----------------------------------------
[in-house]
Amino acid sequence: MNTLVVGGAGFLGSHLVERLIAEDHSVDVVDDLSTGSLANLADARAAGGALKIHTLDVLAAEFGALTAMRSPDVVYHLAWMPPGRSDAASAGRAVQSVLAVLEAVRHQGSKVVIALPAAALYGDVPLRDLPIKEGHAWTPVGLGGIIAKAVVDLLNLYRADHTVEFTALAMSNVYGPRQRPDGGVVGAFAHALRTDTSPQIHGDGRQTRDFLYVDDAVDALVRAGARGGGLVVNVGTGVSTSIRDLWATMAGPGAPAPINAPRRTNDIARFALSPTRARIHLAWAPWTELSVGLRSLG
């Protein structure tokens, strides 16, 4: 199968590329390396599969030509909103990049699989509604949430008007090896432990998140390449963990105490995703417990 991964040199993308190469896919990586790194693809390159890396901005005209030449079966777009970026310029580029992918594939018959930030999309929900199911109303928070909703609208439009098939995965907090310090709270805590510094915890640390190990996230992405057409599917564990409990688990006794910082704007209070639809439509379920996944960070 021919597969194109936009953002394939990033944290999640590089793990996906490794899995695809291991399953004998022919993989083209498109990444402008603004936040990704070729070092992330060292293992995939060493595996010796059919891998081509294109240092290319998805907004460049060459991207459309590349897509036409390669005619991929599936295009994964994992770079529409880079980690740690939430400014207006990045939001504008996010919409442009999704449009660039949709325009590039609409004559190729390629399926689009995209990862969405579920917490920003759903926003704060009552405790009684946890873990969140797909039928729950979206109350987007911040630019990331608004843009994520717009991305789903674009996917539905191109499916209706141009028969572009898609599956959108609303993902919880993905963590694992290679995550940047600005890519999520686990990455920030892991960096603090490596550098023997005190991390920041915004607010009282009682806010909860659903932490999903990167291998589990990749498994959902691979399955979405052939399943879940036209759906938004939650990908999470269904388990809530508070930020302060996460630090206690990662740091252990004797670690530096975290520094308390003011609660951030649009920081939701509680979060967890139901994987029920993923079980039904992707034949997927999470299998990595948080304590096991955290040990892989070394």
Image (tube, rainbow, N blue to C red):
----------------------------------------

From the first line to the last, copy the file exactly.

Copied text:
[in-house]
Amino acid sequence: MNTLVVGGAGFLGSHLVERLIAEDHSVDVVDDLSTGSLANLADARAAGGALKIHTLDVLAAEFGALTAMRSPDVVYHLAWMPPGRSDAASAGRAVQSVLAVLEAVRHQGSKVVIALPAAALYGDVPLRDLPIKEGHAWTPVGLGGIIAKAVVDLLNLYRADHTVEFTALAMSNVYGPRQRPDGGVVGAFAHALRTDTSPQIHGDGRQTRDFLYVDDAVDALVRAGARGGGLVVNVGTGVSTSIRDLWATMAGPGAPAPINAPRRTNDIARFALSPTRARIHLAWAPWTELSVGLRSLG
């Protein structure tokens, strides 16, 4: 199968590329390396599969030509909103990049699989509604949430008007090896432990998140390449963990105490995703417990 991964040199993308190469896919990586790194693809390159890396901005005209030449079966777009970026310029580029992918594939018959930030999309929900199911109303928070909703609208439009098939995965907090310090709270805590510094915890640390190990996230992405057409599917564990409990688990006794910082704007209070639809439509379920996944960070 021919597969194109936009953002394939990033944290999640590089793990996906490794899995695809291991399953004998022919993989083209498109990444402008603004936040990704070729070092992330060292293992995939060493595996010796059919891998081509294109240092290319998805907004460049060459991207459309590349897509036409390669005619991929599936295009994964994992770079529409880079980690740690939430400014207006990045939001504008996010919409442009999704449009660039949709325009590039609409004559190729390629399926689009995209990862969405579920917490920003759903926003704060009552405790009684946890873990969140797909039928729950979206109350987007911040630019990331608004843009994520717009991305789903674009996917539905191109499916209706141009028969572009898609599956959108609303993902919880993905963590694992290679995550940047600005890519999520686990990455920030892991960096603090490596550098023997005190991390920041915004607010009282009682806010909860659903932490999903990167291998589990990749498994959902691979399955979405052939399943879940036209759906938004939650990908999470269904388990809530508070930020302060996460630090206690990662740091252990004797670690530096975290520094308390003011609660951030649009920081939701509680979060967890139901994987029920993923079980039904992707034949997927999470299998990595948080304590096991955290040990892989070394």
Image (tube, rainbow, N blue to C red):